Whenever SafeHouse needs to retrieve a password from your smartcard, it will first see if your PIN is still saved in memory. If so, you will not need to re-enter your PIN. The amount of time your PIN stays cached (remembered) in memory is configurable on the Smartcard Options tab (some manufacturers have a separate way of setting this value).
If your PIN is not cached, or you've just recently inserted your card, then SafeHouse will prompt for your PIN using the dialog pictured below.
It is perfectly okay to remove and re-insert different smartcards while responding to this dialog.
The label or name for your smartcard is displayed in the lower left area of the PIN dialog. If you have not yet inserted your card, then you'll be instructed to insert your card, as is the case in the above screen shot.
Enter your PIN and click Login to accept.
If you enter an invalid PIN, the dialog will remain up and you'll see an appropriate message. Try again or click Cancel to exit.
If you click Cancel, SafeHouse will respond in some appropriate manner for the given circumstance. In many cases, this would simply be to display a normal password entry dialog or input field and let you manually type your volume's password.
If you see an error message indicating that your smartcard is locked due to too many failed login attempts, you'll need to use the manufacturer's software to unlock your card. SafeHouse does not have the ability to unlock commercial smartcards.
Some smartcard products supported by SafeHouse include their own internal PIN dialogs. When you are using one of these products, SafeHouse will let the manufacturer's software prompt for your smartcard PIN instead of prompting itself using the dialog pictured here. In this case, it's usually the manufacturer's software which controls the PIN cache timeout.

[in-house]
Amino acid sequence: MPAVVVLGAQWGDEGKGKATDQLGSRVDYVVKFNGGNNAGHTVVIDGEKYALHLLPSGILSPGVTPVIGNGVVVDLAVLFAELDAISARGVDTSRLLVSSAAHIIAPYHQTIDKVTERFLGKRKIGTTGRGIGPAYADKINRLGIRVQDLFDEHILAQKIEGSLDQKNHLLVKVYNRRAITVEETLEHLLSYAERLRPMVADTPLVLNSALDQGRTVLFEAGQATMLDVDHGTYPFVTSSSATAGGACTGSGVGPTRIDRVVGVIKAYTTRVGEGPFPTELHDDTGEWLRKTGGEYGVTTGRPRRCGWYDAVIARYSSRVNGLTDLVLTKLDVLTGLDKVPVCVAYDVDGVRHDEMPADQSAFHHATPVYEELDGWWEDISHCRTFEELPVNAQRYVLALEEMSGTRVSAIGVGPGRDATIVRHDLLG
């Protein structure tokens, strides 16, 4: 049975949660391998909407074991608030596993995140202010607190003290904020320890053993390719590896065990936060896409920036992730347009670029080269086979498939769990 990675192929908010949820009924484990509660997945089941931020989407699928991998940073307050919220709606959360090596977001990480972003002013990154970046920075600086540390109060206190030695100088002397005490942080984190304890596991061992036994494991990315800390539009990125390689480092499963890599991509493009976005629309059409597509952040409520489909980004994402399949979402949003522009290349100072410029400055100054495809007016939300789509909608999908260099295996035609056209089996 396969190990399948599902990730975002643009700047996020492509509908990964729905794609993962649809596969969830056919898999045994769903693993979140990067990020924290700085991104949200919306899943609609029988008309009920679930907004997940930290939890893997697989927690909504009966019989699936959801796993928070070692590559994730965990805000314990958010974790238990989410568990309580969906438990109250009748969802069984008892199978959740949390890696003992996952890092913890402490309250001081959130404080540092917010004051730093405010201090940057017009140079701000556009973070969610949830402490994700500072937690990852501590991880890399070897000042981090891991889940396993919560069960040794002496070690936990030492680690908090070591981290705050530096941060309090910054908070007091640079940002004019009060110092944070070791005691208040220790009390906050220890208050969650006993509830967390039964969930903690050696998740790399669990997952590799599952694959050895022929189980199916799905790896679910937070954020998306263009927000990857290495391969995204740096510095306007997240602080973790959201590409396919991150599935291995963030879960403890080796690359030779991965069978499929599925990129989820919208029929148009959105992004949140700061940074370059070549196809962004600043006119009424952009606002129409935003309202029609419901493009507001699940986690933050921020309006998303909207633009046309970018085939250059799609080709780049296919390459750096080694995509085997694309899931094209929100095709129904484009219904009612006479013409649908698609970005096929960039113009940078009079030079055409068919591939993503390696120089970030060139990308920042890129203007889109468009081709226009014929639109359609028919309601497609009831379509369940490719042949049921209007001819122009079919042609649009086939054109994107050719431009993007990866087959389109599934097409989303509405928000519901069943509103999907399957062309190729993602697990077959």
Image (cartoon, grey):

SafeHouse can auto-type your PIN from a text file stored on your memory stick. This feature only works when using SafeHouse's virtual smartcards, and there are some important security points you should understand before using this option.
If you write your PIN to a readable file on your virtual smartcard, anyone who gains possession of your memory stick will have access to your PIN, and consequently, your SafeHouse volumes.
You might wonder why we've implemented a feature with such obvious security concerns -- it's because so many of our customers have requested it. Our policy is that as long as you're aware of the pitfalls, the choice is yours to make. In this case, the memory stick behaves more like your car key; possession is all that is needed to use it.
This feature requires SafeHouse v3.02 or later.
Create your SafeHouse virtual smartcard on a memory stick in the usual way.
Use the Windows Notepad text editor to create
a file named PIN.TXT
in the SafeHouse folder of your memory stick.
This file must contain your PIN -- nothing else.
SafeHouse will then retrieve your PIN from this file instead of prompting you to type it manually.
Delete the PIN.TXT file from your memory stick.
Use SafeHouse to change the PIN for your USB smartcard to make sure the old PIN can no longer be used.